Blog: Evolution of Blocking Drills

By John Kessel | April 12, 2013, 2:16 p.m. (ET)

In the book The Seven Habits, author Stephen Covey says one of those habits is to “begin with the end in mind.”  I can think of no skill more important to do in totally game-like situations other than blocking, in short – the best blockers get that way by blocking live hitters in real games or grills. So when coaches ask for “the best blocking drills,” it is simple – you block hitters who are attempting to put the ball past you.  It is that simple as the principle of specificity must be followed. This however is a blog on how blocking drills have evolved to this point, so let’s take a look back.

When I was young, my coach would pull or lower the net to let me “feel” how it was to block.  That tradition is simply a waste of players’ valuable volleyball learning time, just like it would be to lower the net for a spiker.  We must train in reality, and for those kids who cannot jump high enough to put their hands above the net, not their fingertips or fingernails, we need to teach them to play floor defense all six rotations.  When they can get their hands above the net, then they should, with that body and size they now have, start learning the “when and where” of blocking, since the actual technique is pretty simple – you jump with both arms and put them up (and as you get taller/better jump, over) above the net. 

Then there is the tradition of “soft” blocking, where a shorter player jumps at the net with their hands folded back to intercept a ball being spiked sharply down.  For sure this is a blocking technique, but you have to ask yourself, how many of your opponents hit the ball down at such a sharp angle that the soft block is possible?  The percentage is very low compared to the much higher success level of having that player dig most spikers. 

One other key thing to remember is that if a player is too short to get their hands above the net, they might not block, but they CAN be good attackers. One of my favorite high school teams I coached, Del Norte out of Albuquerque, NM had the Garay sisters. Claudia was maybe 5’1” with her highest jump and reach, her fingertips still were a good 4 inches below the top of the net. So I had her play middle back all six rotations, and hit bics and shoot sets and tandems, but all from 2 meters off the net. Remember that no matter how high you jump off the floor, if you contact part of the ball below the top of the net, it is not an illegal back row attack. Claudia hit near the net all six rotations as part of our offense, but was always legal in those attacks.  She also never hit where she looked but that is covered in the STOP Teaching Spiking blog.  The point is, you might not teach a player to block, soft  or otherwise,  if they are short, but you always teach them to attack and play floor defense like a waterbug in a stream.

Then there is the BOX, a tradition for both spikers to hit against a block, or for blockers to stand on and practice their “technique.”  Like so many non-game like methods created not from the science of motor learning principles, but from teaching the way we were taught, learning to block while standing on a box is a total waste of time.  Remember, there are two parts to being able to “do” a skill – 1. Being able to demonstrate the technique without a ball, thus showing that you KNOW what the technique is and 2. Being able to do the technique at the right place and time.  You can simply have players stand on the ground and then move/jump to show you what their blocking technique is, not even with a net. Once you know they have the concept, you need to guide their discovery of timing to learn when and where to jump, against a real attacker.  This short time window means that the skill of blocking starts with reading what is going on in the game.  The myriad of combinations of where the setter is in relation to the attacker, how high the set is and how far off the net, the jumping ability of the attacker, the arm speed of the attacker, and so many other things factor into when and where to jump.  This is never learned on a box. Indeed, when blockers “block” a coach/teammate who is standing on a box, since the “attacker” is frozen in time, the blockers must key their jump based on the slap or toss of the ball by the person standing on the box.  Even though we want all blockers to watch the intelligent thing involved in the attack, the PERSON, and not the ball, since this person is on a box, the blockers learn to their when/where by watching the ball.  Again I must say, a blocking a spiker on a box is a total waste of time, as it teaching the WRONG skills in blocking, not the correct ones.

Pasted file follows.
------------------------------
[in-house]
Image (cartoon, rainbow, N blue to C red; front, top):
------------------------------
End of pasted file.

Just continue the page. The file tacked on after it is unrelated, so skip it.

There also is the tradition of “shadow blocking,” where to players on opposite sides of the net jump and touch hands together, then land, and move down the net, jump again and touch hands, in some bizarre choreographed mirror line dance.  So again, if you become the Olympic gold medalist at shadow blocking, what have you taught your athletes to have as a blocking “skill?” You have taught them to jump directly in front of the attacker – which is actually the wrong place to be as a good blocker for you let the spiker swing freely cross court, and the further the attacker is off the net, the more “inside” the block needs to form, not in front of the attacker.  You have taught them to jump at the same time as the attacker, which is too early for any set ball other than one put on top of the net for a joust.  Every centimeter the ball is set further off the net, the blocker needs to jump more and more microseconds later.  The goal is to be at the top of your jump as the ball nears and crosses the plane of the net.  Finally, you have taught them to play patty cake above the net, when in reality, the more you can penetrate over the net, the more court space behind your block that is taken away for your team’s defenders.